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Is there a place for this kind of thing?

So I started learning python this week after someone posted about the site codedademy. It's so far proven a great way to learn for where I am. However I decided to download an IDE to practice some of the stuff I'm learning before moving on (with a little google involved for some extra syntax help).

The thing is I don't know if I'm not googling right, because sometimes I feel like what I'm wanting to add is probably a very simple command I could add but always hit super complicated explanations online from my searches.

So I'm looking to see if there's a tribe where you could post a discussion with some of your code included in the text section and then others are able to look at your question and take it within the context of what you have coded. They'd also be able to discern a rough idea of your level of understanding from the code they see.

I mean it may well be that the advice is, "This is beyond what you have learnt, keep learning and you'll get there." However there is also a lot of fun and sense of achievement to see a small challenge/project completed (even if just done as practice and learning) .

Side note: it took me a little while to realise that one reason things weren't working is because codecademy is in python 2 while the IDE I downloaded is in python 3. Do you think while I'm still very new in my learning process, I should downoad a python 2 IDE for practicing or are the differences negligible enough to keep doing both?

3 years ago by Wenjarich with 6 comments

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  • jmcs

    You are free to post questions here.

    About the side note, what IDE are you using? Most have options to choose the python version. I personally recommend Pycharm the community edition is free. Python 2 and Python 3 have some important differences including incompatible strings, and while is perfectly possible to build applications compatible with both several applications and code snippets will break if you try to run them on the wrong version.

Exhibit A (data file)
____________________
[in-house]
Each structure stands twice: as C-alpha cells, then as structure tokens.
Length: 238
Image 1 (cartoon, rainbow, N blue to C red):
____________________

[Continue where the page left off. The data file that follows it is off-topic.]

• idlethreat

      Pycharm is a superb application which should work well for coding. Bought the pro version a while back and it was worth it.

    • Wenjarich

      Thanks, for the response.

      In terms of the IDE I downloaded, as far as I am aware, I just got the latest python 3 IDE off the python site. I'll definitely look at Pycharm! I think I will stick to pyth2 then. So far it wasn't too difficult to work out the differences for what I have done up till now, but I feel it would probably slow me down each time I wan't to practice if I have to work out the conversion.

  • jrmy

    On your side note, I would suggest sticking to Python 2 as the majority of learning material is still built around that. Then after you have created some programs go back and convert them to Python 3. That should allow you to learn the basics and then learn the differences between the versions.

  • idlethreat

    I think jmcs and jrmy have pretty much covered the bases, chief. Get Pycharm, hack around, and feel free to post any questions. Python 2 is perfectly fine to start with. Python 3 has some changes made, but you won't lose anything by using 2 for learning (plus, most code examples are in python 2).

    It's easy to get frustrated learning a language. Take a deep breath, don't get stressed out. Break down every task into discrete components. Attack each step individually. Python has world class documentation. It's great stuff.


    • Wenjarich

      Oh I'm not stressing out per se, I'm actualy loving the experience, but it is a little frustrationg feeling something is just beyond your grasp and not being able to find the solution haha :P